Citing an “increase in security risks,” Pride Toronto 2022 announced Monday that weapons checks will be implemented for all individuals entering “designated spaces” at Pride events, including Festival Weekend which kicks off on Friday.
“Please be advised that this may result in a slower check-in process,” reads a recent statement on the organization’s website from Pride Toronto’s executive director Sherwin Modeste. “We are hoping individuals understand that our priority is everyone’s safety and we are only introducing this to ensure our stage areas are safe for all individuals.”
The move comes after Pride Toronto previously indicated they would be ramping up security in the wake of violent threats made against the 2SLGBTQ + community in the United States.
“Pride Toronto takes the safety of the entire community very seriously and will be adding additional security measures to this year’s Pride Toronto Festival as a result of the threats that were made to the 2SLGBTQ + Pride event in West Palm Beach, Florida,” Modeste told the Star in an emailed statement on June 15.
“These types of threats and safety concerns are unfortunately not new to the 2SLGBTQ + community and we will continue to do our part in stamping out the hate that is constantly being projected towards us,” he said in the statement.
Toronto police said they will “continuously” monitor security issues in Toronto and around the world.
“We make the appropriate adjustments to our plans in order to mitigate any potential risks to public safety,” said spokesperson Const. Tina-Louise Trépanier.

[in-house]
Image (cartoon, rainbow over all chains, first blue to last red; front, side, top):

Pride month has seen a number of threats against the 2SLGBTQ + community so far. A 17-year-old from Ontario was charged in early June with allegedly making online threats toward an LGBTQ event in West Palm Beach, Fla.
The Miami Police Department said they had received a report on June 12 from someone on the video chat platform Omegle, a video chat platform, threatening to commit a mass shooting at Pride on Block 2022 in West Palm Beach, according to The Canadian Press. Police alleged the suspect claimed to live in Palm Beach County and was seen waving a gun in the video and making anti-LGBTQ comments, and claiming to live in Palm Beach County, where he said he was going to commit the mass shooting that day.
A few days later, police arrested 31 members of the white supremacist group Patriot Front near an Idaho pride event on June 11. They were discovered in the back of a U-Haul truck with riot gear.
According to the Associated Press, the men were inside the truck dressed in khakis, navy blue shirts and beige hats with white balaclavas covering their faces. Coeur d’Alene police stopped the truck and arrested them, charging them all with conspiracy to riot. The men came from at least 11 states.
Based on evidence collected and documents, authorities found that the group was planning to riot in several areas of downtown, not just the park, the police chief said.
Those arrested came from at least 11 states, including Washington, Oregon, Texas, Utah, Colorado, South Dakota, Illinois, Wyoming, Virginia, and Arkansas, White said.
The Star reached out to the North Idaho Pride Alliance. An automated response read, “As a small community non-profit, North Idaho Pride Alliance is taking a much-needed rest and attending only to immediate priorities after successfully organizing a momentous, joyful, and SAFE Pride in the Park community celebration under the most challenging of circumstances. ”
“We are deeply grateful to law enforcement agencies who were present and professionally responded throughout the day of Pride in the Park to keep our community safe,” the response said.
The alliance said it will not be responding to media requests at this time.
Pride Toronto’s annual festival weekend will take place June 24 to 26. Pride Toronto’s in-person events are returning after a two-year hiatus due to COVID-19.
“We want our community to know that after 2 years of virtual festivals, we’re looking forward to seeing and celebrating with them,” Modeste said.
With files from The Associated Press and The Canadian Press
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